NEC 250.140 Frames of Ranges and Clothes Dryers.
The Exception to 250.140 permits an existing branch circuit without a grounding conductor to be used for a Range or Clothes Dryer if all of the following conditions are met. (edited for your described condition)
(1) A 120/240 Volt single phase circuit
(2) Grounded conductor (neutral) at least #10
(3) Neutral is insulated; or if it is not insulated then it is part of a Type SE Cable and the branch circuit originates at the service equipment (not a sub-panel).
(4) Grounding contacts of receptacles furnished as part of the equipment (such as an outlet on the control panel of a range) are bonded to the equipment.
If the dryer has a 3-wire cord, then you can use a 3-wire receptacle.
If you are connecting a dryer that already has a 4-wire cord, then the frame of the dryer must be connected in a way that the frame is grounded. That could be done by connecting the ground in the 4-wire receptacle to the neutral terminal in the connector. If you do that, then you should put a note on the receptacle to tell future users that the grounding terminal is connected to the neutral terminal. If the connection is made internal to the dryer then you should put a note on the dryer that the frame is connected to the neutral.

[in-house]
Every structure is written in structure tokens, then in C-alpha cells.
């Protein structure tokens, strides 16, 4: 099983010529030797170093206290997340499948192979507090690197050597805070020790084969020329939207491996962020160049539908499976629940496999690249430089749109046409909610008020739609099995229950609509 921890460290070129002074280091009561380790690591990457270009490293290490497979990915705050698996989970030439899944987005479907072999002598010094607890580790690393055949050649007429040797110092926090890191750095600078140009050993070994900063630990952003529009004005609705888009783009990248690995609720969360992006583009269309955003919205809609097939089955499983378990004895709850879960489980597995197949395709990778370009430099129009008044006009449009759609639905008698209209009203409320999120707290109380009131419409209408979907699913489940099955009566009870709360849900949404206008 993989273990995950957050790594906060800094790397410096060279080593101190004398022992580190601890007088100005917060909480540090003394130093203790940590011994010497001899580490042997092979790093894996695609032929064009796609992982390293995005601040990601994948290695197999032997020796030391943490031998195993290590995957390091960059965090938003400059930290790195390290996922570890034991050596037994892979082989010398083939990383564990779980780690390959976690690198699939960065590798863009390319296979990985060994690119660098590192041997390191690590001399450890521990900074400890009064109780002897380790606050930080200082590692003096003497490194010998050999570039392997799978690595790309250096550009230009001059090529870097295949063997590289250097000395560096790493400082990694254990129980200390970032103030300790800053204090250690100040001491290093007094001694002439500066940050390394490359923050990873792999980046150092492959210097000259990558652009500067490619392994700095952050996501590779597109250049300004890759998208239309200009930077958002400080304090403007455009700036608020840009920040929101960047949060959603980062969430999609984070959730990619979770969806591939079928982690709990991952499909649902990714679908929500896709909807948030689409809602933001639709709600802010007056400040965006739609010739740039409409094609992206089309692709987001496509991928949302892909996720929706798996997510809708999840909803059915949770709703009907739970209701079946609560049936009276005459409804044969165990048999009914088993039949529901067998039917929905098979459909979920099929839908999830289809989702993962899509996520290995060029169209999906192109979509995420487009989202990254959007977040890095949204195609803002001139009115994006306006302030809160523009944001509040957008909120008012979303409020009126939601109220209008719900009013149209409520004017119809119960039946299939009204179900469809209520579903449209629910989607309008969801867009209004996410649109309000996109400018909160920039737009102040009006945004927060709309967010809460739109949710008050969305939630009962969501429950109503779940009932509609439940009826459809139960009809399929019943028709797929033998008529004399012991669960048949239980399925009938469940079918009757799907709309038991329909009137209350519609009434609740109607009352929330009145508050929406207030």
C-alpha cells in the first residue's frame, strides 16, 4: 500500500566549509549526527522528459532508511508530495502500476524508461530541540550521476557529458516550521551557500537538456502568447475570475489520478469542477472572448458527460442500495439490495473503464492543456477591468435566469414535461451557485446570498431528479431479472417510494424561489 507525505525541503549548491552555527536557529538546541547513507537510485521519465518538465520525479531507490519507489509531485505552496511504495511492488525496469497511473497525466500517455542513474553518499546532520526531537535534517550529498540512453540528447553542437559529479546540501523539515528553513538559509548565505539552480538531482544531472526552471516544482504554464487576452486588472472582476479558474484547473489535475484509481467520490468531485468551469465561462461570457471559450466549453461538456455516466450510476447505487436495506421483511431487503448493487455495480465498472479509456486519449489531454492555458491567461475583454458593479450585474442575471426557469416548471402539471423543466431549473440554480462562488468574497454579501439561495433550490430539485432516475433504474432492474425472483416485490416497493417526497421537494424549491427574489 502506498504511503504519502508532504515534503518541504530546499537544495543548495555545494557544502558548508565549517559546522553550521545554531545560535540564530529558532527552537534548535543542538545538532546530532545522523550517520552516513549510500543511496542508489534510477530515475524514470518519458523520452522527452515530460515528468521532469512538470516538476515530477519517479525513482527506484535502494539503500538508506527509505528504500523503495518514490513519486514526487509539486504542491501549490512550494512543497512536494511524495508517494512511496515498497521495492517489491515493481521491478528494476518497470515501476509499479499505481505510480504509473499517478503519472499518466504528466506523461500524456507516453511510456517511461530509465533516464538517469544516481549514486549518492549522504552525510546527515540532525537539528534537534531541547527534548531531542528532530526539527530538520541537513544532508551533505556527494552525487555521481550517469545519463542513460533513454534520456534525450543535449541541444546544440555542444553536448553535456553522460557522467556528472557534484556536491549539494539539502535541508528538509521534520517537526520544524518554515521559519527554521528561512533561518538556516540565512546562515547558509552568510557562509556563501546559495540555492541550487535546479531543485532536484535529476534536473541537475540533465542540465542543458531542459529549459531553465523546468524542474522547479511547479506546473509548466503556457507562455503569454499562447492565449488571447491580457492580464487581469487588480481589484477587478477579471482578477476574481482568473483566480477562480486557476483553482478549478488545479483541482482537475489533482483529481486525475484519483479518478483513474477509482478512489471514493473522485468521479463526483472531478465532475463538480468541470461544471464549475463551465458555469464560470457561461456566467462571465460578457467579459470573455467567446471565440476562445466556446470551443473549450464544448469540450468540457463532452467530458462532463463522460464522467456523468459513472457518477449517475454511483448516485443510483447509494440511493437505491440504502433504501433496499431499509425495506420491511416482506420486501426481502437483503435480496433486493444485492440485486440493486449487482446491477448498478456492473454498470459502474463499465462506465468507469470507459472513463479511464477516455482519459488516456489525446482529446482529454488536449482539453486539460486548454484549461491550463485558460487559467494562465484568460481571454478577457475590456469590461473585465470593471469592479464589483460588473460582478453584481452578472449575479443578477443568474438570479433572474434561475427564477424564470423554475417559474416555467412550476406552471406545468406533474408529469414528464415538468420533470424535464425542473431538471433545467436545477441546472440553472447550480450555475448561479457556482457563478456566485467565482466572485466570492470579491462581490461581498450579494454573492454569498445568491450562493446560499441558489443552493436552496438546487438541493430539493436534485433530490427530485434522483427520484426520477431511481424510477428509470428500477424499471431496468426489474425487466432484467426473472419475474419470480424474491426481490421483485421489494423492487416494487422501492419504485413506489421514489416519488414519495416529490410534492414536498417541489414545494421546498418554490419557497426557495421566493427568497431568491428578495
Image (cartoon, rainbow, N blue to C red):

You should be aware that both of these conditions result in grounding the frame of the dryer, because the neutral, also called the "grounded conductor", is in fact grounded. The conductor that is absent from your circuit is called the "equipment grounding conductor" and has been used in only recently (I don't know how recently) installed dryer and range circuits.